Nelly Bassily | April 2, 2012
Japheth Olukune Akhati and his neighbours are busy tilling their land in preparation for planting. It hasn’t rained for a few months in their village of Essong’olo, about 30 kilometres from Kisumu. But thanks to traditional knowledge, the farmers know it might rain in a few weeks, and they want to be ready.
Mr. Akhati grows maize and other crops on a little more than a hectare. He says, “From last week, the wind has been blowing from west to east, and that is a real sign it is going to rain in the next three or four weeks.”
Kenyan farmers have relied on traditional weather forecasting for generations. Some fear these methods will be discarded as climate change brings more extreme and unpredictable weather. Others say that indigenous knowledge and methods remain valuable – especially when used together with modern science.
The Kenya Meteorological Department thinks that traditional practices have something to offer. The Department now blends these forecasts with science-based predictions. The result is more accurate – and better-received – local weather forecasts in western Kenya.
The Department uses satellite technology and other modern methods to produce forecasts. Rainmakers from Emuhaya County’s Nganyi family provide predictions based on indigenous knowledge.
The results are combined and analyzed, then translated into the local language and broadcast on a local radio station. Social gatherings, word of mouth and chief’s meetings spread the forecasts further.
Farmers say the combined forecasts, added to their own observations, give them added confidence about what to do in the face of the changing climate.
As the rain approaches, local farmers become very precise with their predictions − down to a matter of hours. They say the colour of the clouds tells them if rainfall will be accompanied by hailstones.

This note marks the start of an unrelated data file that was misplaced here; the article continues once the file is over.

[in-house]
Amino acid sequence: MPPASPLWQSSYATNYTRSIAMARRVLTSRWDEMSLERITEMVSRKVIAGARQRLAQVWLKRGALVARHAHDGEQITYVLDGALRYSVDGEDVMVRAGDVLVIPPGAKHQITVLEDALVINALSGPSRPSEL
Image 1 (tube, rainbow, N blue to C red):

Mr. Akhati adds: “When we wake up in the morning and find no dew on the grass, then it is an indication it will rain on that very day. It is also important to note that, on the night before a rainy day, the temperatures usually rise beyond normal.” Other natural indicators include the call of the laughing dove bird, the behaviour of ants, the croaking of frogs and toads, and bee migration.
The Nganyi family are highly respected by local people for the power of their predictions. The family has shrines that contain large, rare indigenous trees that are regarded as sacred. These small patches of forested land attract reptiles, birds and insects whose behaviour is monitored to predict upcoming weather.
Josephat Atieli is a small-scale farmer from Mumhoba village in Emuhaya. She explains, “We respect their word. When they predict something, it usually comes to pass. We actually depend on their word, especially at the beginning of the planting season.”
In return, the villagers provide the Nganyi family with produce from their farms.
Gilbert Ouma heads the Kenya Meteorological Department’s project to integrate traditional knowledge with scientific forecasts. He says, “We have been able to study these shrines, and we can authoritatively say that they provide realistic information that can assist in predicting weather conditions in the local environment.”
In return for the rainmaking clan’s participation in the project, Nganyi women and youth receive training and micro-credit opportunities, aimed at conserving indigenous trees and diversifying livelihoods.
Perhaps mindful of the power of their knowledge, the Nganyi family is not keen to disclose all their techniques. They prefer that some things remain a mystery to the men with the machines.